A record 200-plane order from Asia's largest budget carrier looks set to dominate a jackpot of deals at next week's Paris Air Show in clear evidence of a multi-speed recovery shaping global industry, sources said.
While Western powers display military hardware that their armies can no longer guarantee to buy, all eyes at the world's largest air show will be on civil demand from growth-hungry Asia which has supplanted North America as the busiest travel market.
The roughly $17 billion deal from Malaysia's AirAsia
With the global economy, you're seeing some soft spots but yet you're also seeing some acceleration in some parts of the world. We are seeing a lot from Asia-Pacific and the developing economies, said Gleacher & Co analyst Peter Arment.
Sources close to the deal, which is still being finalized, said AirAsia was expected to beat a record for the largest number of planes sold in one contract, even before a recent 180-plane order from India's IndiGo is formally signed.
The deal will also be a boost for French-U.S. engine venture CFM International, owned by GE
New developments by both firms have allowed planemakers to offer extra fuel savings to airlines and prompted Airbus to update its best-selling narrowbody A320 with new engines.
Boeing has not yet decided whether to copy Airbus in putting new engines on its popular 737 plane. It is weighing this against its preferred option of a bolder redesign, meaning Airbus faces pressure to prove its point with big market wins.
In a build-up resembling the kind of mind games played by team coaches before a sporting clash, a Boeing
Still, barring a last-minute deferral, industry sources said AirAsia's deal was being arranged for Thursday as the finale for a week in which Airbus alone is expected to sell over 500 jets.
Other customers expected to sign up for the revamped A320neo are India's Go Air with 72 planes and U.S. leasing giant GECAS.
The 150-seat A320 and 737 narrowbody planes are the biggest segment of the market and a cash cow for both Airbus and Boeing.
A question unlikely to be answered at the air show, at least in public, is how much they are getting for their planes.
Evidence seen by Reuters indicates that planemakers came out of the industry's worst ever recession offering sharply reduced prices to try to keep up sales momentum, even as they increase production to record levels to keep up with resurgent demand.
According to a U.S. diplomatic cable on talks that led up to a sale of Boeing 737s to Caribbean Airlines last year, Boeing offered a 50 percent discount plus training in what the cable described as an aggressive business offer to beat Airbus.
The cable is part of a cache of messages obtained by the Wikileaks website and supplied to Reuters by a third party.
An aviation industry source, who asked not to be named, told Reuters that such steep discounts from both Boeing and Airbus had not been uncommon in the periodic price wars between the two plane manufacturers.
Boeing declined to comment. The State Department did not respond to a request for comment.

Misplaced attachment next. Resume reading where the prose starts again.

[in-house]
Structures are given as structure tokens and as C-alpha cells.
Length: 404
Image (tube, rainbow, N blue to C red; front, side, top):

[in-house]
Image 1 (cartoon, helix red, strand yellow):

Some also question how far the Asian boom is sustainable.
With ambitious figures like these (aircraft sales) the economy can sometimes pay you an unpleasant visit, said Washington-based analyst Richard Aboulafia of Teal Group.
Airbus and Boeing are refreshing their product lines amid future competition from China, which will display a cabin mock-up of its first large passenger jet, and Russia, whose prime minister Vladimir Putin will visit Le Bourget on Tuesday.
The two companies are involved in another strategy battle over the market for 350-seat wide-body twinjet planes like the Boeing 777 and A350, also being driven by engine manufacturers.
Wheeling and dealing is carried out in luxury chalets with a view of passenger jets like the new Boeing 747-8, the world's longest airliner and one of the stars of this year's show.
The jet is painted in orange and red sunrise livery symbolizing the rise of Asia as a hugely important market.
Even though the air show tarmac will be a Paris muscle beach for the world's most powerful transporters and fighters, Western powers facing heavy defense cuts are expected to keep the military side of the world's largest air show in check.
A mood of austerity has discouraged some U.S. industry leaders from attending and the political climate for arms exports is more difficult to read after the Arab uprisings.
Exports are being dampened by turmoil in the Middle East. Some countries are making decisions that focus more on social and defense needs, said Byron Callan, a director at Capital Alpha Parters in Washington. Japan is focusing on its crisis and the economic damage from Fukushima, he added.
Several companies including Eurofighter will however take the opportunity to give briefings on their operations in Libya.
A bright spot for the defense segment is expected to come from Norway ordering its first four F-35 Joint Strike Fighters built by Lockheed Martin Corp
The Paris Air Show also takes place against a backdrop of rising trade tensions as Air France
Industry experts say that internally, the episode is acutely embarrassing for Airbus, which plans to warn European ministers at the show of the risks of a trade war over European emissions trading proposals. But U.S. commentators say a petition signed by 100 French parliamentarians proves that partly state-owned Airbus does not operate on the same playing field as Boeing.
(Additional reporting by Y-Sing Liau, Cyril Altmeyer, Kyle Peterson; Editing by Sophie Walker and Tim Dobbyn)